Sometimes I find this quiet, post-Holiday time when the weather is not always as nice a good time to think ahead for the next school year. I have written many back posts about planning, but I will keep writing new ones because I want mothers new to homeschooling or thinking about homeschooling to know that homeschooling is really possible, and that if you want to homeschool using the pedagogy laid forth by Rudolf Steiner, that is possible too. In the same breath, however, the world is full of possibilities, but it takes work and follow-through to make it come to fruition. You have to have the will to plan, and also the ability to follow-through on any given day with the plans you have made. This is what makes homeschooling a successful endeavor.
Despite the bad press that buying “curriculum” gets in the Waldorf homeschooling world (because Waldorf Education is a living, breathing art that flows between a particular teacher and a particular student in a particular time and place), I do believe there can be a place for curriculum, Maybe you are trying to get your feet under you or maybe it is a particularly bad year due to personal illness or other circumstances. I don’t think we should feel guilt about that. Resources in Waldorf homeschooling are important, whatever “resources” might mean to you, and I want mothers to know that you can put your year together yourself. It is not hard, and if you work at it, it gets easier each year.
One way I like to start for those working from scratch is to look at the year as an entirety – the cycle of festivals – and sketch that out with ideas for celebrating with music,food, crafts or activities. That is a good place to begin.
Then, I like to look at a calendar and look at when we might start school and end school for the school year 2015-16. When might our vacations be? Things change over time as well – when my older two children were smaller we took a lot of time off in December, and now we have more of a break somewhere toward the end of September and we take less time over December. If you know your state laws and know how many days you have to school, then that will help you figure out how many weeks of school that you need and how many days a week.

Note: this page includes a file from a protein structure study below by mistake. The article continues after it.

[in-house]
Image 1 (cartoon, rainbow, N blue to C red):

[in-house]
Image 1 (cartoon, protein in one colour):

Those under the age of 7 are really just in the rhythm of life and the family and that is a constant, nourishing presence. Know what ages you need to start reporting to your state for “school hours” – many states do not have reporting requirements for those under a certain age. Grades 1-4 or 5 can probably get school done in 4 days a week, sometimes grade 6 as well, depending upon how long your days are. Grades 6 and 7 and up often really need all five days.
Then spend some time thinking, really thinking, about your child or children. What do they really need this upcoming year? What can you plan out ahead of time or are there areas that are changing so rapidly you cannot predict what this child will need so far ahead? That is valid too. What could you do now to lessen your summer planning? What might be most important for balancing your child, addressing strengths, weaknesses, capacities? What academic, artistic, and soul content material would you like to develop?
With this in mind and knowing the number of weeks you will have in the school year, you can see what blocks you want to include. Blocks can run as short as two weeks to six or eight weeks. Only you and your experience as a teacher, and looking at the child IN FRONT OF YOU, can figure that out. This is something that absolutely NO curriculum can tell you, and this is part of being a homeschool teacher! What I advise is to leave space in the rhythm of the school year – so if you have 36 weeks of school planned, DON’T plan blocks to cover all 36 weeks. Leave some wiggle room in there and plan maybe 33 or 34 weeks of block material. It probably will take you 36 weeks!
Lastly, start gathering lists of books and supplies. A good place for new Waldorf homeschoolers to start is to look at places such as Rudolf Steiner College Bookstore and Waldorf Library On-Line and see what things are listed by grade. More experienced Waldorf homeschoolers seem to gather many books, Waldorf and not Waldorf, by topic, and can “make it Waldorf”. That is something that also comes with experience.
Anyway, this is food for thought for this month of new beginnings. I recently planned the first block of first grade for our third child, and I am planning on writing a post on that so you can see one mother’s experience (mine) of putting a block together.